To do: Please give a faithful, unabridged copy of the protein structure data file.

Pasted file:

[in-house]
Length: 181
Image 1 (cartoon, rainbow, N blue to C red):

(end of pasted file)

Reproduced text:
[in-house]
Length: 181
Image 1 (cartoon, rainbow, N blue to C red):